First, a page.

Then the panel will turn sharply to the right. Chris Crane, the president of the ICE employees union, is expected to say that Obama administration officials have undermined immigration enforcement and prevented ICE agents from doing their job. He’s likely to attack Obama for his administrative actions to halt the deportation of people who have not been convicted of a crimes.
Last on the list, the Committee will hear from Jessica Vaughan of the Center for Immigration Studies, one of the country’s leading immigration restriction organizations. Vaughan and her fellow CIS staffers regularly call for more immigration enforcement and tighter bars on legal paths to immigrate.
Tomorrow’s hearing will have two witness panels. The first witness panel will examine our current legal immigration system and ways to improve it. Witnesses for the first panel include:
Vivek Wadhwa, Director of Research, Pratt School of Engineering, Duke University, Fellow, Stanford Law School, and Vice President of Innovation and Research, Singularity University; Michael Teitelbaum, Senior Advisor, Alfred P. Sloan Foundation and Wertheim Fellow, Harvard Law School; Dr. Puneet S. Arora; and The Honorable Julian Castro, Mayor, San Antonio, Texas.
The second panel will discuss the extent to which our immigration laws have been enforced. Witnesses on the second panel include.
Julie Myers Wood, President, Guidepost Solutions LLC; Chris Crane, President, National Immigration and Customs Enforcement Council 118, American Federation of Government Employees; Jessica Vaughan, Director of Policy Studies, Center for Immigration Studies; and Muzaffar Chishti, Director of the Migration Policy Institute’s Office at New York University Law School Office.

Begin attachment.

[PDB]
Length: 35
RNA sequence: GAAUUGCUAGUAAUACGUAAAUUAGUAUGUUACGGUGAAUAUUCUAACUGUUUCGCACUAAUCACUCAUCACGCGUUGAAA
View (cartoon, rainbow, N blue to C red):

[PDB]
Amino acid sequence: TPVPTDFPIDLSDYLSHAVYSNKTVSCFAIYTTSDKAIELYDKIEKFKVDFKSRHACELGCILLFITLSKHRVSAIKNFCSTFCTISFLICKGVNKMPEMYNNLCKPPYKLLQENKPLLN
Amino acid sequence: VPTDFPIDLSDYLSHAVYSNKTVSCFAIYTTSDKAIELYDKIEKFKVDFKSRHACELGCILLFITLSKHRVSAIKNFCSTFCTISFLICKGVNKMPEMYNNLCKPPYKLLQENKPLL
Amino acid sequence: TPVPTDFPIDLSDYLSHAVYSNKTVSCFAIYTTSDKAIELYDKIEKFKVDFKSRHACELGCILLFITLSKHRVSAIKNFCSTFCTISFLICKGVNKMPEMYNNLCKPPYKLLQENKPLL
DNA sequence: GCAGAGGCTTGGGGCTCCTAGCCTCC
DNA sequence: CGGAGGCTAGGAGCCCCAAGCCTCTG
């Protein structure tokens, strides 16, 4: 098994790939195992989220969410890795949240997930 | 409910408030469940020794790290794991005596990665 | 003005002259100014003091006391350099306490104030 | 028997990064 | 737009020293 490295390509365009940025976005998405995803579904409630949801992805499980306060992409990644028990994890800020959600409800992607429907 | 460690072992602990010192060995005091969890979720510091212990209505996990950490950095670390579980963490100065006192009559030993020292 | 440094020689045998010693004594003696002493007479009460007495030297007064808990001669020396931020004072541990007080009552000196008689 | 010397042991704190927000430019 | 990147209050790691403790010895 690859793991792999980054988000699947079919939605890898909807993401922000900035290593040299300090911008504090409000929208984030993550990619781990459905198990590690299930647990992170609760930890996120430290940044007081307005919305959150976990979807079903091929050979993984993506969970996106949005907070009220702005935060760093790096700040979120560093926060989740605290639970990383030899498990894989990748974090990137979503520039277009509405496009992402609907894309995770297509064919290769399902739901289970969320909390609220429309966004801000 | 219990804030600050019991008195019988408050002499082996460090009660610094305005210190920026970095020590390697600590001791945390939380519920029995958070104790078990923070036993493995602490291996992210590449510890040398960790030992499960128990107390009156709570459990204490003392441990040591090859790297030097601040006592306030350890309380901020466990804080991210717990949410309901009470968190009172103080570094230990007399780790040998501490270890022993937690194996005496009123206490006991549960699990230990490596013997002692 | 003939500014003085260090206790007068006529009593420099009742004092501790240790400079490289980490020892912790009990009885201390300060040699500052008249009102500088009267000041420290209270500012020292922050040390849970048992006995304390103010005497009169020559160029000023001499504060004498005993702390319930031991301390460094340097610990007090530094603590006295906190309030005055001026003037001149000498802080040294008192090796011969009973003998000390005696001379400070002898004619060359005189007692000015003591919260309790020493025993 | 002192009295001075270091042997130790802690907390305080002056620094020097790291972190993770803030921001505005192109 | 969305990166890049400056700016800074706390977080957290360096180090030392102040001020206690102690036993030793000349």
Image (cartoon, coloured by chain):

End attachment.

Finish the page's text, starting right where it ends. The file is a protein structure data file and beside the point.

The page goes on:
Chrysler’s photography-led commercial featuring their RAM trucks is a memorable tribute to farm operators. The two-minute commercial that aired during the Super Bowl was centered around Paul Harvey’s 1978 “So God Made A Farmer” speech and featured more than a dozen faces of people working in agriculture.
But the commercial leaves some groups of farmers out.
There is growing ethnic and racial diversity among farm operators nationwide, and the percentage of women operators is up, according to the latest Census of Agriculture published in 2007.
Of the 2.2 million farms in the United States, 1.83 million have a white male principal operator. But the growth in the number of non-white operators has outpaced the overall industry growth.
- The 2007 Census counted a total of 79,703 American Indian or Alaska Native operators on 61,472 farms and ranches across the United States.
- The 2007 Census counted a total of 20,417 Asian operators on 15,360 farms and ranches across the United States. The count of Asian operators grew 40 percent from 2002, significantly outpacing the 7 percent increast in U.S. operators overall.
- A total of 55,570 U.S. farms had a principal operator of Spanish, Hispanic or Latino origin in 2007, up 10 percent from 2002.
- The 2007 Census counted a total of 41,024 black operators on 32,938 farms and ranches across the United States. The number of black operators grew 9 percent from 2002, outpacing the 7 percent increase in U.S. farm operators overall.
- Of the 3.3 million U.S. farm operators counted in 2007 Census, 30.2 percent — or more than 1 million — were women.
“God Made a Farmer. Then USDA decimated black ones,” tweeted Melissa Harris-Perry shortly after the commercial aired, referencing the ad’s narration and USDA’s problematic history.
In 2011, a federal judge approved a $1.25 billion settlement in a lawsuit filed against the USDA by thousands of black farmers. The group of farmers said that they experienced widespread racial bias from the department when they were denied loans and other programs throughout the 1980’s and ’90s.